here is as accessible a piece as i am currently capable of writing, offered as part of an ongoing discussion about the question of violence in pursuit of liberation.–
when it comes down to it, the question of violence in history is always fundamentally a question of *stuff*–the stuff people need to live, and the stuff they need to thrive. the question of violence in history is always fundamentally a question of who makes stuff and who consumes it. it is a question of economic control and economic exploitation.
why did europeans carry out slavery in the americas? it wasn’t because of racism, which was invented after the fact as a justification. it was in search of *stuff*. it was in search of wealth.
when the masses in north america decided slavery was to end, why did the slave-owners fight back? was it because they had deep ideological disagreements about the truth of their racist theories? not at its core–it was over control of stuff–who made it, and who consumed it.
when the 13 colonies that came to constitute the united states wanted independence, was it merely terms of names? was it a question of whether the king had power *in name* over the colonies? no, it was a question of *stuff*–who would consume the stuff being produced by the slaves and the other working people in the colonies–would it be consumed by the ruling class of britain, or the ruling class in the united states?
when the people of Haiti wanted independence from France, was it merely a question of names? was it was it merely that they couldn’t stand the idea that France controlled their country *in name*? no, the heavy French consumption of the products of Haitian labor meant the Haitian laborers were starving. it was a question of *stuff*–who makes it and who consumes it.
what was Nazi Germany after? was it just a sudden furious dislike for the rest of the people of the world that overcame them? no, more than anything it was that the country as a whole had suffered a great loss of wealth as a result of the terms of the end of World War I, with the broad masses of German people suffering far more greatly than the ruling/capitalist class of Germany. it was principally this desire for stuff in the broad masses of the German population that had literally been made very hungry.
when the civil rights movement finished, did black, brown, and indigenous people control who would consume the stuff they made? no, that stuff continued to be consumed predominantly by the white population in the united states and especially by the white ruling/capitalist class.
when the civil rights movement finished, did black, brown, and indigenous people cease to suffer systemic violence at the hands of the people who consumed the stuff they made? no, that violence continued at the same rates that it had before.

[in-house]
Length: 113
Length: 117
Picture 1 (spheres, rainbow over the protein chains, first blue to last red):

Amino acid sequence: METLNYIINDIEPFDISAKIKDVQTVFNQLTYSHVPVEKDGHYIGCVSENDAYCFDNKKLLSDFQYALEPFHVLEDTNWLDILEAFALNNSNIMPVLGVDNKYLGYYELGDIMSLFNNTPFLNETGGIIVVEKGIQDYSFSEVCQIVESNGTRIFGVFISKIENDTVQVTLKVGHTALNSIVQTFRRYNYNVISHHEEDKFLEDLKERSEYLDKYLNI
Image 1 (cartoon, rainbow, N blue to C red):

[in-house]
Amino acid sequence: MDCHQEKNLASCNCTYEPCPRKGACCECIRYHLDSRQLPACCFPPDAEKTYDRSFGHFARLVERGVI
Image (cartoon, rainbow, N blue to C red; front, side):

perhaps this is why the civil rights movement came and went–achieving more than anything changes in law rather than changes in ways of living for the broad masses of nonwhite people in the united states–and did so with nonviolent methods being most salient in that movement.
when the independence movement in India finished, did the broad masses of Indian people control who would consume the stuff they made? no, that stuff continued to be consumed predominantly by the English people and by people in imperialist countries generally, especially by the ruling/capitalist classes of those countries.
when the independence movement in India finished, did the broad masses of Indian people cease to suffer systemic violence at the hands of the people who consumed the stuff they made? no, that violence continued at the same rates that it had before–though it was now carried out by Indian officials upholding a government that ensured that the people in those imperialist countries continued to be able to consume the products of Indian labor at the same rates as before.
perhaps this is why the Indian independence movement came and went–achieving more than anything changes in law rather than changes in ways of living for the broad masses of the Indian people–and did so with nonviolent methods being most salient in that movement.
when the American revolution finished, were the rulers of America any longer subject to the systemic violence of the British? no, their violence had destroyed the British ruling class’s ability to carry out that violence.
the violence at Standing Rock right now is about stuff. the people there are denying the ability of the u.s. ruling/capitalist class to amass stuff, and violence is being used against them.
the police violence in black, brown, indigenous, and poor white working-class neighborhoods is about stuff. these people will not keep producing stuff for the u.s. ruling/capitalist class unless the violence is consistently applied. if it were not, people would soon find ways to eat and thrive without working at exploitative wages for horrible bosses.
the imperialist violence against the six countries the united states is bombing right now is about stuff. those countries will not keep producing stuff for the u.s. ruling/capitalist class unless the violence is consistently applied. if it were not, the oppressed nations of the world would soon find ways to eat and thrive without working at exploitative wages for horrible bosses, and without shipping their precious resources overseas at heavily reduced prices.
wherever we see systemic violence, we should look to see economic exploitation–systemic economic exploitation casts systemic oppressive violence like a shadow.
and systematic economic exploitation has never once in the history of the world been ended without those who were being exploited using *liberatory violence* to destroy the ability of the oppressor/exploiter to use *oppressive violence*. never.